Additionally, I've also mentioned my reaction to hearing multiple calls to prayer being heard simultaneously (see "Good-Bye J-Kart & Hello Bandung" and "Debrief Session"). In Christianity, the closest tradition for summoning worshippers is the ringing of church bells; a craft which is not at all common anymore.  However, I do find the human voice to be a much greater and more complex instrument than the majestic bells.  The music I used to accompany the video is "Call to Prayers" from the musical The Armed Man: A Mass for Peace by Karl Jenkins (previously referenced in the posting titled "The Armed Man").

Regardless of your personal religious persuasions, I do hope that you can enjoy the wonders of the Mosques of Indonesia.

Thursday, August 2, 2012

No Place Like Home

I finally arrived home in Oklahoma City at 2:45 AM yesterday morning.  It was a long time of traveling from Jakarta to Hong Kong to Los Angeles to Oklahoma City; nearly 36 hours of travel including layovers.

I had turned the air conditioner off during my time away, which has initially seemed like a mistake when I arrived back to Oklahoma and temperatures of 112+.  My A/C is still struggling to catch up.  It was showing 91 in my house most of yesterday but was down to 82 when I woke this morning.  So, due to the heat I'm still processing the validity of "home sweet home".

One definitely positive about being home is my new iPad. My district had funds to place some iPad-Apple TV-LCD projector combination. I am a one of 30 recipients at Southmoore and was able to pic up my pad this morning; in fact this posting is being typed on that very iPad. So perhaps homecoming is sweet after all.

So I guess this is a new adventure in remote road roaming for me: a new step in my quest for using technology effectively with my students.  I hope you continue to help me roaming the roads of lands remote.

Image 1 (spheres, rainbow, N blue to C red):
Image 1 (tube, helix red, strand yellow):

Monday, July 30, 2012

Final Moments in J-Kart

It is nearly time to end this experience in Indonesia.  We depart from our hotel before 5:00 AM so as to get across Jakarta to the airport.  Here are some final images from my time in this city.

Inside the top of the closet is this sign to indicate the direction of Mecca.
The hotel is in a Muslim majority country and has a lot of Muslim guests.

Signage for Ramadan over the entrace to hotel's restaurant

Restaurant for our final meal together

I ordered the Nasi Kapau from the Padang Sumatera region of Indonesia

I'm was not able to finish eating all of it, but it was wonderful!

Debrief Session

All of the morning and much of the afternoon for our final day in Indonesia, the eleven TGC teachers were guided by a representative from IREX (organization which facilitates the TGC program for the US Dept. of State) in a session to debrief on our time here.  While I felt as much of the session could have (and probably should have) been facilitated at a later date and once we were back home in the United States, there was one portion of the session that I found rather meaningful.

We created a "T-chart" for some of our experiences while in Indonesia.  In the narrow left-hand column we listed a one or two word emotion or thought as a theme and then in the right-hand column we placed several bullet points with detail of an event during our time "in country" which relates to that theme.  While Blogger makes it difficult to replicate the T-chart here, I'll do my best to present a few of my take-aways:

  • mysterious harmony of a least seven different simultaneous calls to prayer from a variety of local mosques
  • store racks filled with Batik clothing filled with vibrant colors
  • "Lady Gaga" horse at the volcano near Bandung
  • students "animal club" at Krida with owls, hawks, and snakes
  • being constantly saluted by students at Krida
  • long drives EVERYWHERE even when distance was close